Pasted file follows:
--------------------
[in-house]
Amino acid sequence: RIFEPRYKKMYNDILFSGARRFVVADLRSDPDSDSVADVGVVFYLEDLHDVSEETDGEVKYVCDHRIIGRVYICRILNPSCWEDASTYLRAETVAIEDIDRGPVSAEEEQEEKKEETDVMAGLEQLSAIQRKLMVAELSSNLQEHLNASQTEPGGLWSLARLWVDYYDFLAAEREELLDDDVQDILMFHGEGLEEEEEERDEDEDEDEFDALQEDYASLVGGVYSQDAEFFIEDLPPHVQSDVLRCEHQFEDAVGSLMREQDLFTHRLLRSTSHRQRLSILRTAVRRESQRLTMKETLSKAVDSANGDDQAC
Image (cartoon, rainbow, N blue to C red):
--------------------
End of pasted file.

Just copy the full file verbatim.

[in-house]
Amino acid sequence: RIFEPRYKKMYNDILFSGARRFVVADLRSDPDSDSVADVGVVFYLEDLHDVSEETDGEVKYVCDHRIIGRVYICRILNPSCWEDASTYLRAETVAIEDIDRGPVSAEEEQEEKKEETDVMAGLEQLSAIQRKLMVAELSSNLQEHLNASQTEPGGLWSLARLWVDYYDFLAAEREELLDDDVQDILMFHGEGLEEEEEERDEDEDEDEFDALQEDYASLVGGVYSQDAEFFIEDLPPHVQSDVLRCEHQFEDAVGSLMREQDLFTHRLLRSTSHRQRLSILRTAVRRESQRLTMKETLSKAVDSANGDDQAC
Image (cartoon, rainbow, N blue to C red):